Ignoring the physical invasion in religious institution’s space for one moment, one overriding problem in identifying this issue is that it is rare. Most churches simply aren’t people’s homes. A search on the Internet reveals a data broker selling a list of 110,000 churches in the US (including geolocation coordinates). If the one news story represents the only affected individual, this means that only approximately 1/100,000 churches were actually someone’s home. If you’re looking for privacy invasions, this is probably not high on your list based on a risk based analysis.
There are two reasons that this is the wrong way to think about this. First off, if your company has millions of users (or is encouraging millions of users to go to church), even very rare circumstances will happen. Ten million users with a one in a million chance of a particular privacy invasion means is going to happen, on average, to ten users. The second reason that this is extremely important to business is because these types of very rare circumstances are newsworthy. It is the one Kansas farm that makes the news. It is the one pregnant teenager you identify through big data that gets headlines. The local auto fatality doesn’t make the front page but if one person poisons a few bottles of pills out of the billions sold then your brand name is forever tied to that tragedy. Corporations can’t take advantage of the right to be forgotten.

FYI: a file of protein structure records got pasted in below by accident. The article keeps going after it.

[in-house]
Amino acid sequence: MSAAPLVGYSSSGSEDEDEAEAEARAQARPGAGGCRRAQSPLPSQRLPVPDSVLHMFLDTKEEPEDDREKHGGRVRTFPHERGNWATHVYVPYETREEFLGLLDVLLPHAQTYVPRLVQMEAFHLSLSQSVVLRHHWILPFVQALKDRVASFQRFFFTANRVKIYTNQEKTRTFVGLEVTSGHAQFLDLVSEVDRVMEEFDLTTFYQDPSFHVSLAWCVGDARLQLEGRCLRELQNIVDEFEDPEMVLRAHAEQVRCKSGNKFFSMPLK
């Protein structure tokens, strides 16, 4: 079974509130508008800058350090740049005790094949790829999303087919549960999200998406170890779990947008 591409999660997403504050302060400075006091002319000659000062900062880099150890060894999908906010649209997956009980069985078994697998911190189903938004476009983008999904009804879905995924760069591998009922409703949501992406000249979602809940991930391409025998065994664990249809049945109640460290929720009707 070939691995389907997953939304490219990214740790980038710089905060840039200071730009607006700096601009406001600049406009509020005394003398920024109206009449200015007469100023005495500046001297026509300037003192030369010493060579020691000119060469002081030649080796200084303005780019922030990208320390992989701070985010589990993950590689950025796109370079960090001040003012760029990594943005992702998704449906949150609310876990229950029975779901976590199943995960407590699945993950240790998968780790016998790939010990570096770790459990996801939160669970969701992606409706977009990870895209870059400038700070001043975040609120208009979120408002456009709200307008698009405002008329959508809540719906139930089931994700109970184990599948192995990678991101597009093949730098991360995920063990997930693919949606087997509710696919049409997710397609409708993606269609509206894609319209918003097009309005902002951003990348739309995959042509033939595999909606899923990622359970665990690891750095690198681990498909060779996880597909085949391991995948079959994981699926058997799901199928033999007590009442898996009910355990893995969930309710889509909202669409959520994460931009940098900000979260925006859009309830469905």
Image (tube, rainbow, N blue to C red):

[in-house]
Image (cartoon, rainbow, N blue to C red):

Assuming you can identify the issue, what do you do? Despite the rarity of the situation, the fact that it doesn’t involve information, it isn’t about marketing, it isn’t about your customers or users of your service, and, on it’s face, it doesn’t involve personal data, is all hope lost? What controls are available at your disposal to mitigate the risks? Pokemon Go developers were clearly cognizant enough to not include personal residences as gyms. They chose locations that were primarily identified as public. At a minimum then, they could have done, potentially, more to validate the quality of the data and confirm that their list of churches didn’t actually contain people’s residences. Going a step further, they could have considered excluding churches from the list of public places. This avoids not only the church converted to residence issue but also the invasion into religious practitioners’ solitude. Of course, the other types of locations chosen as gyms still needs to be scrubbed for accuracy as public spaces. However, even this isn’t sufficient. Circumstances change over time. What is a church or a library today, may be someone’s home tomorrow. Data ages. Having a policy of aging information and constantly updating it is important even when it may not be, on its’ face, personal data. A really integrated privacy analyst or a development team that was privacy aware could even have turned this into a form of game play. Getting users to, subtly, report back through in-game mechanism that something is no longer a gym (i.e. no longer a public space), would keep your data fresh and mitigate privacy invasions.
No-one ever said the job of a privacy analyst was easy, but with the proper analysis, the proper toolset and the proper support of the business, you can keep your employer out of the news and try keeping your customers (and non-customers) happy and trusting your brand.